Even though the oil company never drilled on the land, Rodriguez said he is prohibited from building by the oil company’s stake and unable to sell, since the property value plummeted.

“I can’t build it, I can’t sell it,” Rodriguez said. “But I’m paying taxes on it.”

Rodriguez took his concerns to the September forum, where he spoke with Kirk Edwards, the president of Las Colinas Energy Partners. Edwards suggested a lawyer could better address his concern but “to me it’s not right that you can stake somewhere and not let people build there.”

Edwards said he feels sympathy for the residents bothered by the oil and gas production in Gardendale, but argues that oil companies have a right to minerals and expects not much to come of the protest.

“The people of Gardendale bought their land out there many years ago, never ever thinking that oil and gas drilling and production could ever or would ever happen on their property, and so densely as the places out there are they got into a natural conflict,” said Edwards, who added advancing technology might alleviate the tension. “You certainly feel for a resident that has a drilling rig or a pumping unit a hundred feet from their home.”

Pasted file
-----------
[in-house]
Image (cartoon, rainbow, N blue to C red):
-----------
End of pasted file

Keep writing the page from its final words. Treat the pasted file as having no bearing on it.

He also points to a subtlety the contributes to the Gardendale dispute: Most residents do not see royalties from the oil production because the rights to minerals below their town traded hands many times before they ever lived there.

Rodriguez said that fact is not lost on him either. He, like many of the GARDAP members, works in the oil and gas industry — as an instrumentation engineer for a gas plant that he asked the newspaper not to name. They do not oppose oil production, he said, repeating an oft made assertion from members: They oppose the manner of oil production so far in Gardendale. And the plan is to keep at it.

“I don’t think we can win. Can we make it a little bit stickier in their path?” he said. “Yeah.”